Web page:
India may be trying to play Balochistan as a thorn in Pakistan’s side.
By Animesh Roul.
The age-old India-Pakistan rivalry is reaching new heights over another contested territory. This time, the tug of war is over the conflict-ridden region of Balochistan—the largest, resource-rich, and yet most sparsely populated province of Pakistan.
Ever since Indian Prime Minister Narendra Modi criticized the state of human rights violations in Balochistan during his Independence Day speech this August, the province has become a major point of contention between the two countries, as Pakistan’s poor human rights credentials were highlighted in world forums.
A couple of days earlier, at an all-party meeting on Jammu and Kashmir, Modi also raised the issue of Pakistan’s atrocities against the people of Balochistan and Pakistan-administered Kashmir (PAK). It comes at a time when India would rather shift the spotlight off its own record in the Indian-administered sections of Kashmir. (See the article “The Kashmiri Faultline” in this issue.) Modi raised the stakes even higher by suggesting that PAK belonged to the Indian-administered regions.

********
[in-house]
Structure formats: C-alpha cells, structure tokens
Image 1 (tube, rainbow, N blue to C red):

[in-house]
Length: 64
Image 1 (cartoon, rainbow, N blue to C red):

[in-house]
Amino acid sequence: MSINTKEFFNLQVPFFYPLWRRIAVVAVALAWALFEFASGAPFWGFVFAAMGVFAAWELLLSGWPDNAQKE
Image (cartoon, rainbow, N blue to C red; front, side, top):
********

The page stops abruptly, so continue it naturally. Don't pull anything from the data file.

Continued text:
Even India’s representative to the United Nations made a point of discussing Pakistan’s grave human rights violations in Balochistan and elsewhere in Pakistan, including Gilgit and PAK.
Some regional observers believe that the sudden shift in India’s Pakistan policy is directed at striking a balance, or, in other words, countering Pakistan’s concerted propaganda against India over Jammu and Kashmir. India would rather been seen to be expressing humanitarian concerns for a people oppressed in a garrison state rather than meddling in Pakistan’s internal affairs. The plight of the people of …
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